Albirex Niigata set the standard
Albirex's dominance shows local clubs have plenty of catching up to do
They swept all four domestic titles in 2016, and Albirex Niigata are on course to repeat the feat again this year.
They thumped Warriors FC 5-1 last night to retain their Great Eastern-Hyundai S.League title, adding to the Community Shield and The New Paper League Cup already in the bag.
Beat Philippine side Global Cebu in the RHB Singapore Cup final on Nov 25 and the White Swans will pull off another spectacular Quadruple.
The football fraternity admits that there is much to do if local clubs are to catch up with the Japanese outfit, who started playing in the S.League in 2004.
Said Geylang International coach Noor Ali: "Albirex are a very professional club and the rest of us are far off their standard. We have to change our mentality."
The Japanese side are well known for their commitment to training and nutrition and even the way the players carry themselves, but one particular detail stood out for former Singapore international Noor.
"I spoke to their coach and he told me that the team train in the morning on matchdays, and that's something that we (local clubs) definitely don't do in Singapore. Everyone complains that it's too hot and players prefer to sleep more before a match," said Noor.
"But Albirex have conquered the S.League only in the last two years, it's not like they have been dominating in the last 13 years that they have been playing here. That means we've been doing something wrong in this time."
Balestier Khalsa coach Marko Kraljevic believes it was a league policy shift that helped strengthen Albirex and another change could help local clubs close the gap.
"They are the best team at the moment, but they started to dominate the league only when the league reduced the number of foreign players from five to three," he said of last year's rule change.
"Let's be honest, the Japanese football standard is very high. We have to reduce the age of their players, maybe match that of the Garena Young Lions. Even then, they will do well," added the Croat.
The Young Lions are effectively Singapore's Under-22 side and ply their trade in the S.League. The club, who have one game left to play, will end the season bottom of the nine-team standings.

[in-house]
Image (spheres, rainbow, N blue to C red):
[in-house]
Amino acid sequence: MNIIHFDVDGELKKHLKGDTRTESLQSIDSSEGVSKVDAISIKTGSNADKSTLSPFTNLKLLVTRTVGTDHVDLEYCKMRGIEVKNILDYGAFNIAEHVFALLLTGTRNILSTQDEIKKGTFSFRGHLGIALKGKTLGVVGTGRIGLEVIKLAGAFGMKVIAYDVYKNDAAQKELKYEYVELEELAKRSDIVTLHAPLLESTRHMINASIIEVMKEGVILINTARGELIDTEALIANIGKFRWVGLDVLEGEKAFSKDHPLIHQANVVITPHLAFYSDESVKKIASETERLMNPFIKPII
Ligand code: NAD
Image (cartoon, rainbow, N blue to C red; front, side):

Twelve players in Albirex's 24-man squad are above 22 years old.
Kraljevic said: "Older players are experienced professionals, and (in our context) that means that Albirex have that many foreign players. There are a few S.League clubs with Japanese foreign players, too."
Kraljevic and Noor believe a stronger youth development system can help young local players narrow the gulf in technical ability between young Japanese players and them.
ALBIREX TO TAKE IN LOCALS
But Kraljevic also feels Albirex can do more to help.
"They do great work in the community, but Albirex should contribute more to Singapore football," said Kraljevic.
"They should take five or six local players into their squad.
"And if those players train and live like these Albirex players, they will surely improve."
Albirex have already declared their intention to do that and it is understood that a proposal is being put together for Albirex to take in local players next year, although the number has yet to be confirmed.
The number of Singapore players is set to match the number of foreign players clubs are allowed to sign next year.
Whether or not Albirex have benefited from the reduction in foreign player quota, Noor said that local clubs must learn from the S.League champions.
"They have a professional approach throughout the club, from the administration to the coaching and the players," said Noor.
"So, credit to them, they are by far the best team in the league these last few years and they have been deserving winners."